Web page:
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Any British Pilots Moved to Australia? Looking for AG/ crop dusting experience

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Any British Pilots Moved to Australia? Looking for AG/ crop dusting experience

Old 10th May 2020, 10:46
  #1 (permalink)  
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Join Date: Aug 2017
Location: United Kingdom
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Any British Pilots Moved to Australia? Looking for AG/ crop dusting experience

Hey folks,

Just wondering if any folk from the UK have moved to Australia to get a flying job? I live in the UK and fly for the airlines but I'm looking to get low level AG time. Obviously not in the current crisis but going forward when some normality is resumed and flying jobs start to become available. So just wondering if anybody has made the hop across that way and how difficult it was to get a visa ect?

P.S. If anyone has any other ideas about where to gain crop dusting time please let me know!

Cheers!
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Old 10th May 2020, 21:29
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Join Date: Jan 2013
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Originally Posted by Topgun737 View Post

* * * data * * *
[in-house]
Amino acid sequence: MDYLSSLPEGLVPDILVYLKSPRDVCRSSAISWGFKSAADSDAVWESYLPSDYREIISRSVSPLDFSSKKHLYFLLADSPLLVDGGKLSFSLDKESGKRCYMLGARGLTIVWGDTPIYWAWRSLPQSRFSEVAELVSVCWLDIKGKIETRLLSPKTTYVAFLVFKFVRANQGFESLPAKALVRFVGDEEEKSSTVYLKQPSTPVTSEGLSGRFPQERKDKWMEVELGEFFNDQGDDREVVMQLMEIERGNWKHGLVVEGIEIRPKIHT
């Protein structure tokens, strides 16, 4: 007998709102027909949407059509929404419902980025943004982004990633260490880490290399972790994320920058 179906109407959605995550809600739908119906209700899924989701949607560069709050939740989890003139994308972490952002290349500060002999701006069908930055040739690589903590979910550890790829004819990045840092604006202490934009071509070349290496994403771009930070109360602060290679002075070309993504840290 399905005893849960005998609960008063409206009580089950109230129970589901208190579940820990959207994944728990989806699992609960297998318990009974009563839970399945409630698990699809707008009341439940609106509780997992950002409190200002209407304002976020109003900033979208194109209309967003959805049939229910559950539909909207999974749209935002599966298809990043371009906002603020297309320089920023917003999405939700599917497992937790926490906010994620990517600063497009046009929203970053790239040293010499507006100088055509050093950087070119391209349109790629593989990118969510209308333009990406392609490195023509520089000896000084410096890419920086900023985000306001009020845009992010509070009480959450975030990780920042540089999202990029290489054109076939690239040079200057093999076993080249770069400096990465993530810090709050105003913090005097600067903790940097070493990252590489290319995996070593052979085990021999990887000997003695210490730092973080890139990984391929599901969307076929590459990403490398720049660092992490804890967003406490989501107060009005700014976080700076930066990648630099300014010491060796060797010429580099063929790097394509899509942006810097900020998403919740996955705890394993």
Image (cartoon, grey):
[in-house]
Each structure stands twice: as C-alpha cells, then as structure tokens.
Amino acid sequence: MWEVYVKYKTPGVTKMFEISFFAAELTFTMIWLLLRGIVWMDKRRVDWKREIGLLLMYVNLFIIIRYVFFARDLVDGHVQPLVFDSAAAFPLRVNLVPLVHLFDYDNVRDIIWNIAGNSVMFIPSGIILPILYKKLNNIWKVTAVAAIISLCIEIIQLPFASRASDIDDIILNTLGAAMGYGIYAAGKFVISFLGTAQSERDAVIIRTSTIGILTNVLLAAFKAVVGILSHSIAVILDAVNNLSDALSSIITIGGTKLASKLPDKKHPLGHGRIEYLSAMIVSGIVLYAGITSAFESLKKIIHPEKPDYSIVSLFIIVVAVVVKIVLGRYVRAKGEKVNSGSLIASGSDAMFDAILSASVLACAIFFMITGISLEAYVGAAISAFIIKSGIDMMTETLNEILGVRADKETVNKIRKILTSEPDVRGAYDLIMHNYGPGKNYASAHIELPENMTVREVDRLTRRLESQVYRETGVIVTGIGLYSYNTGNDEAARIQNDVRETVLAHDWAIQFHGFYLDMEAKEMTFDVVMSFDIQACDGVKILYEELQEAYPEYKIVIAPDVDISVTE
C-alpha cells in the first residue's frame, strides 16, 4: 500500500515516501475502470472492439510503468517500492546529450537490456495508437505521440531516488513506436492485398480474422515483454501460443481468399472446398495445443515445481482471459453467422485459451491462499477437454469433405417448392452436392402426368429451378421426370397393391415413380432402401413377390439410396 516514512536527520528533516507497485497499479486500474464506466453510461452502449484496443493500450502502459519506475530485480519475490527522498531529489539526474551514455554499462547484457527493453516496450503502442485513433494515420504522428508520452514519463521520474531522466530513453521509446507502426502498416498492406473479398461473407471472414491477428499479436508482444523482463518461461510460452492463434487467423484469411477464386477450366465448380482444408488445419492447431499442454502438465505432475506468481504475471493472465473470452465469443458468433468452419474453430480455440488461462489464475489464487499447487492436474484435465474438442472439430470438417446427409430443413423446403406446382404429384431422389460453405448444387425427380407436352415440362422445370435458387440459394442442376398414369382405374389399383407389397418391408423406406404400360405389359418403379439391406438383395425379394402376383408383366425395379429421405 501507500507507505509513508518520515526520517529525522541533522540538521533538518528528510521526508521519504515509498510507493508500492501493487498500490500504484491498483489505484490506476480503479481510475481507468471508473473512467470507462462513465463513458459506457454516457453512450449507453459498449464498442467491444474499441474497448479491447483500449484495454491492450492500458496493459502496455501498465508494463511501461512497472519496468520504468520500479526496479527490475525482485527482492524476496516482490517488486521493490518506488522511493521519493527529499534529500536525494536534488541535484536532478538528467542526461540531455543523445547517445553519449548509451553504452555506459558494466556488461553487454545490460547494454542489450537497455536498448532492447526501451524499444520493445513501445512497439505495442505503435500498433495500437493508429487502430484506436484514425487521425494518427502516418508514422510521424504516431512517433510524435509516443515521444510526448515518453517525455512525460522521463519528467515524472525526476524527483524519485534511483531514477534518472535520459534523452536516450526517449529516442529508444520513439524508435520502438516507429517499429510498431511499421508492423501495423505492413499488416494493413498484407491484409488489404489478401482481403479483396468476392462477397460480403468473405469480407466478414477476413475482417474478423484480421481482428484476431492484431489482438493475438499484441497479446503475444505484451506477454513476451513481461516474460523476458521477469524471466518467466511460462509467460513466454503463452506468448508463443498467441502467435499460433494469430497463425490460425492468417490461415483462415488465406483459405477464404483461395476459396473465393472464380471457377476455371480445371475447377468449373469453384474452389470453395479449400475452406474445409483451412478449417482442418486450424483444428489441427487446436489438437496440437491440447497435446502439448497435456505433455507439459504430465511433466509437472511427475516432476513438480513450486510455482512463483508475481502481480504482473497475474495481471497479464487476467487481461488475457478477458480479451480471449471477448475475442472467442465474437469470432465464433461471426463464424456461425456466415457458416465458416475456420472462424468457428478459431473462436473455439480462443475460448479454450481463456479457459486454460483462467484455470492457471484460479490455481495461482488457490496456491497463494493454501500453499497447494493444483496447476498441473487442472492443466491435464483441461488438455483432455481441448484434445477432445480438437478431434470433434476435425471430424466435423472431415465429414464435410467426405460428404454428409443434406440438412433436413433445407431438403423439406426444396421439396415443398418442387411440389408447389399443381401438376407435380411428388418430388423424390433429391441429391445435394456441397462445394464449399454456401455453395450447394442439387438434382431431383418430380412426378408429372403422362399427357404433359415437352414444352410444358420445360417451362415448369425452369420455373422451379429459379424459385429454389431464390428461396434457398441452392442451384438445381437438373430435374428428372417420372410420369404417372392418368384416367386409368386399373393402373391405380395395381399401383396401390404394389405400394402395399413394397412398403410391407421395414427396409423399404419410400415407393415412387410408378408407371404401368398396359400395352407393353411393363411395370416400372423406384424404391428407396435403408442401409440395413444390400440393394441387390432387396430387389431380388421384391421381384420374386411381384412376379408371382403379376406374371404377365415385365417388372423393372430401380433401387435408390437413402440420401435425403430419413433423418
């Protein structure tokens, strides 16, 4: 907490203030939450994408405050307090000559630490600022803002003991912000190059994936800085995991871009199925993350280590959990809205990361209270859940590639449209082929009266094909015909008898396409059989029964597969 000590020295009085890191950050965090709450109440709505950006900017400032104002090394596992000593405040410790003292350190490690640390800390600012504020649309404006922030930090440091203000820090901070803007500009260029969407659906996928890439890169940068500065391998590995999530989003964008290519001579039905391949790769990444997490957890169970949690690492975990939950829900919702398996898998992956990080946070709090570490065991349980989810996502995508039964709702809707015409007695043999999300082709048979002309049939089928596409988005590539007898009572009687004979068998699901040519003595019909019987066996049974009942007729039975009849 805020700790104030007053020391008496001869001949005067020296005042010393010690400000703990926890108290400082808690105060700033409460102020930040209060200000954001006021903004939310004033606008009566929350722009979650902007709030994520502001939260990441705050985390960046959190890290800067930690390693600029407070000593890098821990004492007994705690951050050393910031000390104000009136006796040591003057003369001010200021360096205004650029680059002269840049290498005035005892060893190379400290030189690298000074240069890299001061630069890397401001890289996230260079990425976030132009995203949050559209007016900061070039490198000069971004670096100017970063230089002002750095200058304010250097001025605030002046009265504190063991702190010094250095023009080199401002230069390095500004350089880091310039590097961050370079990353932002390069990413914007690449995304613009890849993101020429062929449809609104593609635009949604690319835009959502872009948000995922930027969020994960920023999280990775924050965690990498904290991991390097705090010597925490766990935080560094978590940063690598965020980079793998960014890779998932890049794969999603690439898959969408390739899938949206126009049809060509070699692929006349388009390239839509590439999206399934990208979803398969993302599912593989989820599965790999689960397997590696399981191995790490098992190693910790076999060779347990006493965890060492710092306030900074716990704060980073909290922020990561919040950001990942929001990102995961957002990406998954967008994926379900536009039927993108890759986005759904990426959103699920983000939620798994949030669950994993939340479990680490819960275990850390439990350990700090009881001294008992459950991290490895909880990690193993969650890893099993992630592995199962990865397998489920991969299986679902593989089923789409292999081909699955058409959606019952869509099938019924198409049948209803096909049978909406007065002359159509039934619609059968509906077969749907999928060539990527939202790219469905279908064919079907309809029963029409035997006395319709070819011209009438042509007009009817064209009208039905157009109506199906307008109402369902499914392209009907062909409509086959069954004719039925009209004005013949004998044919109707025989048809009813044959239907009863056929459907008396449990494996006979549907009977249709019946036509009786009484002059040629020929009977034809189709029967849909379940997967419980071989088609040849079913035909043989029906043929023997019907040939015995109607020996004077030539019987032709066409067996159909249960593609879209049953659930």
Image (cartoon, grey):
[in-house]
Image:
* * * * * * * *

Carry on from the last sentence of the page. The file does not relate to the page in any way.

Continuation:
Hey folks,

Just wondering if any folk from the UK have moved to Australia to get a flying job? I live in the UK and fly for the airlines but I'm looking to get low level AG time. Obviously not in the current crisis but going forward when some normality is resumed and flying jobs start to become available. So just wondering if anybody has made the hop across that way and how difficult it was to get a visa ect?

P.S. If anyone has any other ideas about where to gain crop dusting time please let me know!

Cheers!
Getting a Aerial application rating is a good start. Barry Foster at leongatha is the man to see.
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Old 10th May 2020, 21:57
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Join Date: May 2001
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Airline pilot huh? lazy comes to mind!

There is a rather prominent building in London named 'Australia House', perhaps you might drop in for a visit .......
The Aussie government has an excellent website for Visa applications.... Google comes to mind!
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Old 10th May 2020, 22:28
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Originally Posted by Office Update View Post
Airline pilot huh? lazy comes to mind!

There is a rather prominent building in London named 'Australia House', perhaps you might drop in for a visit .......
The Aussie government has an excellent website for Visa applications.... Google comes to mind!
You should be very, very careful using the Aussie government website for visa's and visa information.